In response to criticism of his comment that a Muslim American should not be president, Republican presidential candidate Ben Carson is saying he's a victim of political correctness. (Reuters)

On Monday, former neurosurgeon Ben Carson was bailed out of the controversy over his views of Islam by an unexpected ally. Nihad Awad, executive director of the Council on American-Islamic Relations, called a news conference to "ask Mr. Ben Carson to withdraw from the presidential race."

The mild disrespect of calling a medical doctor "mister" was apparently unintentional, but the sheer audacity of CAIR's ask lit a fire on the right. CAIR, which plays a role in Islamic controversies similar to the one the Anti-Defamation League plays in Jewish ones, is not viewed that way by elements of the conservative movement. To many, like Center for Security Policy founder Frank Gaffney, it's viewed as a veritable fifth column that may be "engaged in money-laundering foreign funds to pay for civilizational jihad here." The mainstream media's stenographic coverage of CAIR and Carson sent some leading conservative voices into Carson's camp.

"We are confronting a problem called sharia that is the authoritative version of Islam, not practiced by a lot of Muslims, but those who do have an obligation to force it on the rest of us," Gaffney told liberal radio host Alan Colmes. "It is absolutely anti-constitutional."

Gaffney and others were reacting to more than Carson's stumbling interview with "Meet the Press" host Chuck Todd. In a subsequent interview with The Hill's Jon Easley, Carson had said that he had been talking not about Islam generally but about sharia law specifically. "Obviously if a Muslim was running for president, there would be a lot more education about sharia, about taqiyya," he said, referring to Islam's term for concealing one's religion in the face of a credible threat. On the "anti-sharia" right, Carson was being railroaded.

"Let me help out these genius journalists, a.k.a. Democrats, a.k.a. liberals, a.k.a. know-nothings," snarked conservative radio host and author Mark Levin. "There's a difference in Islam that does not apply to Judaism and Christianity and other religions. That is, sharia law is not just a governing law in your personal lives. It is a governing law. That's why in Saudi Arabia, they set up sharia courts."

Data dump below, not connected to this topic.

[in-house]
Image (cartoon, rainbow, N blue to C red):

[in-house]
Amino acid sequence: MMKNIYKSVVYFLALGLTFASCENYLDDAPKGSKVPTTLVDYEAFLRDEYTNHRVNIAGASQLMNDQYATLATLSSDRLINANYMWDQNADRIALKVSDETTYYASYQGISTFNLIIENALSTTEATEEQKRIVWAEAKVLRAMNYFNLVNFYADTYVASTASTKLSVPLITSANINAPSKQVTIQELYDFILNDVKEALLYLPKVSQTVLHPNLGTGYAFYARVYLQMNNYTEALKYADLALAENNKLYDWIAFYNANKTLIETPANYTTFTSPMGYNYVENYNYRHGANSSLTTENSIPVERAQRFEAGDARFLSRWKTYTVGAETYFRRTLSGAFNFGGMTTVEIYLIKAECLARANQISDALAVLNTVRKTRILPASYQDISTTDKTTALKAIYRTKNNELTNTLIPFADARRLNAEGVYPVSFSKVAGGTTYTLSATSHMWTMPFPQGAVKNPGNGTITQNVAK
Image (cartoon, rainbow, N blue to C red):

[Ben Carson softens tone on Muslims, says he was taken out of context]

Carson's understanding of sharia law was controversial but hardly unique. Seven Republican-dominated states have banned the hypothetical threat of sharia law or sharia courts that Muslims might hypothetically convene to contravene state law.

"If you look into sharia law, you will not find any consistency with the U.S. Constitution," Rush Limbaugh told his listeners Monday. "Sharia law is the law which is used to behead women in Islamic countries who have been raped. Sharia law is the reason women in Islamic countries can't drive. Sharia law is so inconsistent with the U.S. Constitution. Ben Carson could not be more right. And the question he was asked was in that context. 'Well, do you believe that Islam is consistent with the Constitution?' Well, sharia law isn't."

Republican presidential candidates are weighing in on controversial comments made about Muslims. Here's what they're saying. (The Washington Post)

CAIR's battle to debunk this has largely succeeded in the media -- but not on the right. Brigitte Gabriel, a Lebanese immigrant who warns that radical Muslims have already infiltrated the government, will speak at this coming weekend's Values Voter Summit, an event bringing nine of the Republican Party's presidential candidates to Washington, including Carson. The candidate, who has used similar forums to litigate battles with the media, told reporters in Ohio on Tuesday that they had confused his argument about sharia for a criticism of Muslims.

"If people listen to that interview, they’ll notice that I said that anybody, regardless of their interview or affiliation, if they embrace American values and they place the Constitution at the top level, that I embrace that person," Carson said. "It seems to be hard for people to actually hear English and understand it. . . . Sharia law is completely antithetical to Americanism."

Carson went on to blame the entire controversy on "political correctness," a bugaboo of his campaign that's just as unpopular on the right as sharia.

"It is downright sad watching the left-leaning media beat up all the Republican candidates because they don't embrace the liberal PC litmus test," Bill O'Reilly said at the start of his Fox News show Monday. ". . . Dr. Carson believing that Islamic tenets don't line up with Judeo-Christian philosophy on which the country was founded? And he is not allowed to say that? It's his opinion. Well, here's a bulletin: Unlike many Muslim countries, we have free speech in America. And Carson's opinion shouldn't disqualify him from anything but individual votes if that be the case. All of this PC fog has shrouded important issues."